Planting a large tree in Aylesbury town square, Buckinghamshire, 1965.

As a general rule, field-grown trees are available only up about 6in in circumference. The way to create a sense of well- established respectability is to plant larger trees — a size the nursery trade calls semi-mature. These are measured by their girth — the trunk of a 20ft London plane tree might measure 15in in circumference, for example. Some species will be much more expensive than others.

Next, you need to prepare the garden for the new arrival. Some authorities will tell you that tree moving can take place at any time of year, but your losses will be higher in spring and summer, when the tree is busy putting on leaves and new growth.

Transplanting is best undertaken in autumn, when the soil is still warm, which will encourage the tree to send out new roots. Unless you are an experienced and confident gardener, it’s probably best to let the suppliers do the actual planting.

Big trees are expensive and you have no one to blame if it dies when you plant it yourself. If you do decide to do the work, prepare a hole deep enough and ensure that, when you fill it, every root is properly covered with soil. Plant the tree so that the soil level reaches the same point on the trunk as it did in the nursery.

How to prepare a planting hole for a tree

If you have free-draining soil such as chalk or sand, it’s very important that the site for the tree should be thoroughly damp, so that moisture is instantly available to the tree’s roots.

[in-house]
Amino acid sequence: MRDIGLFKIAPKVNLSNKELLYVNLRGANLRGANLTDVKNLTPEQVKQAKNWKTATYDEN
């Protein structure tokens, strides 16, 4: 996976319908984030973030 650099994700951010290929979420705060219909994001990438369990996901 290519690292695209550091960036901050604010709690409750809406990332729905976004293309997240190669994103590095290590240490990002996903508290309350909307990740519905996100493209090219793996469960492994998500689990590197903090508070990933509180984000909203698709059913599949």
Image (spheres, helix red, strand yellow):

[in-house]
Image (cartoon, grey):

1. Dig the hole in which you are going to plant the tree several days before the actual planting.
  2. Fill it with water — up to the brim — so that it drains into the soil over the next few hours.
  3. Cover the hole with something like old sacking, so it doesn’t dry out in hot weather or freeze in cold.
  4. Repeat this two days before planting and, if the bottom of the hole is still muddy, delay until it is firmer.
  5. Water, water, water. More trees are lost to inadequate watering than to any other failing — watering should begin before the tree is planted.

Rick Tuma’s illustration of how to prepare a hole for tree planting. (Chicago Tribune/Tribune News Service via Getty Images)

You also need to know how best to stake your tree so that it remains stable and new roots can grow out to anchor it firmly in its new home. Use two or three stakes, driving them into firm soil outside the root ball.

Regular watering is essential from the start, although for how long you will need to keep it up will depend on how quickly it establishes and grows away strongly. Take advice — it could be anything from two to five years, depending on your soil and the size of tree.